Our findings indicate that the MTM1 p.N155K dog model of XLMTM differs from human patients in the extent of respiratory impairment; affected dogs generally maintained ventilatory homeostasis even in the presence of profound limb muscle weakness and neurological impairment. Differences in respiratory impairment observed between XLMTM dogs and patients may reflect the deep cardiopulmonary reserves harbored by dogs through evolutionary processes (36). For example, sled dogs are famous for their extraordinary oxygen extraction capacity (VO2max) that more than doubles that of an elite cross-country skier. Yet, despite the lack of profound respiratory muscle weakness observed in XLMTM dogs in the present investigation, respiratory data in one of the affected animals provides a clue for translational application. The single affected dog to survive to 25 weeks-of-age maintained near normal PIF and myofiber size, but ultimately became too weak to ambulate. In patients, mild, moderate and severe forms of the disease can stratify severity in XLMTM, where the mild/moderate form associates with increased lifespan and reduced requirement for ventilatory support (31,32,37). Perinatal deaths and shortened survival of XLMTM dogs in our colony appear to correlate with the poor respiratory function (unpublished observations) suggesting that similar classifications could be applied to the canine model. We speculate that PIF and inspiratory duration may prove useful predictors of increased survival in the canine model, and by translational application inform future clinical trials.
Neurological severity scoring and reflex scoring were consistently lower in XLMTM versus wild type dogs at all ages. Similar clinical scoring systems have been reported for large animal models of the GM1 and GM2 gangliosidosis (38,39) and stroke models (40-42) and are useful because they represent noninvasive assessment methods that can be performed as serial tests in awake animals. The finding that the NSSs and reflex scores differed between affected and normal dogs at both early and late time points suggests that these assessments may be useful in judging response to therapy in future interventional trials.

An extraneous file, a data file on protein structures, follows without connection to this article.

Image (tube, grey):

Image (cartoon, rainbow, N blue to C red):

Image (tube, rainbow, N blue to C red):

Thanks to Emily Troiano for assistance genotyping the dogs. Some microscopic images were obtained using the Children’s Hospital of Wisconsin Research Institute’s Imaging Core Facility. Electron microscopy was performed using the Medical College of Wisconsin’s EM Core Facility.
This work was supported in part by United States National Institute of Health (NIH) grants R21 AR064503 and R01 HL115001 to MKC, K08 AR059750 to MWL, R01 AR044345 to AHB; Senator Paul D Wellstone Muscular Dystrophy Cooperative Research Center, Seattle (NIH U54AR065139); Association Française contre les Myopathies and Muscular Dystrophy Association (United States) to MKC; Where There’s a Will There’s a Cure, and Joshua Frase Foundation to AHB and MKC, Peter Khuri Myopathy Research Foundation to M.K.C.; and Audentes Therapeutics to MKC and MWL.
Conflicts of Interest: Two of the authors (AH Beggs and MK Childers) are inventors of a patent on gene therapy for myotubular myopathy and are paid members of the scientific advisory board for Audentes Therapeutics.